CHESTNUT-CAPPED BRUSH-FINCH (CHESTNUT-CAPPED) (Arremon brunneinucha suttoni) – A singing bird sneaked through roadside weeds early in our day on Cerro San Felipe, eventually perching on a low branch and allowing us all superb views of this generally skulking species. It looks remarkably like a Collared Towhee, though with a buffy, rather than white, supercilium.
RUFOUS-CAPPED BRUSH-FINCH (Atlapetes pileatus) – One in the gully near the La Cumbre visitor's center played hard to get, showing well for some and not at all for others. [E]

Jorge explains the site's history at the fabulous ruins of Mitla. Photo by Megan Crewe.

COLLARED TOWHEE (Pipilo ocai) – A pair across the road from the visitor's center at La Cumbre could not have been more cooperative, bouncing their way to the top of a nearby bush (right at eye level) and singing loudly for several minutes. Lovely! [E]
SPOTTED TOWHEE (Pipilo maculatus)
RUFOUS-CROWNED SPARROW (Aimophila ruficeps)
OAXACA SPARROW (Aimophila notosticta) – Wow! Edgar's new spot turned up trumps when we found a trio of these big endemic sparrows scrounging around a metal well cover, looking for tidbits. Amazingly, they appeared completely unfazed by our excited presence mere yards away! [E]
WHITE-THROATED TOWHEE (Melozone albicollis) – By far the most easily found of Oaxaca's endemics, seen on most days of the tour, often in noisy groups along the road edges. [E]
BRIDLED SPARROW (Peucaea mystacalis) – Fine views of a handful of these handsome sparrows on one of the switchbacks above Teotitlan del Valle -- including a couple doing their endearing wing-waving territorial display. [E]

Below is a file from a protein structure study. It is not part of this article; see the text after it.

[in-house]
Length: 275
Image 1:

CHIPPING SPARROW (Spizella passerina) – A handful around the Monte Alban parking lot, with dozens of others swarming over the hillsides in the switchbacks above Teotitlan del Valle, part of a big mixed sparrow flock.
LARK SPARROW (Chondestes grammacus) – Quite common in the Oaxaca Valley, with scope views of several groups of these handsome sparrows.
SAVANNAH SPARROW (Passerculus sandwichensis) – A couple of alert birds perched in some roadside weeds near Teotitlan del Valle. This is an uncommon species in the Oaxaca Valley.
LINCOLN'S SPARROW (Melospiza lincolnii)
YELLOW-EYED JUNCO (Junco phaeonotus)
Cardinalidae (Cardinals and Allies)
HEPATIC TANAGER (NORTHERN) (Piranga flava hepatica) – Seen on several days, with our best views coming not far from our trio of Oaxaca Sparrows, where we spotted a male sitting at the top of a nearby tree.
SUMMER TANAGER (Piranga rubra)
WESTERN TANAGER (Piranga ludoviciana)
ROSE-BREASTED GROSBEAK (Pheucticus ludovicianus) – Including one bright male rummaging through a tree near the lobby of our hotel the first afternoon of the tour.
BLACK-HEADED GROSBEAK (Pheucticus melanocephalus) – Best seen in the switchbacks above Teotitlan, where we spotted a pair foraging in the same trees as our big mob of Gray Silky-Flycatchers.
BLUE GROSBEAK (Passerina caerulea)
Icteridae (Troupials and Allies)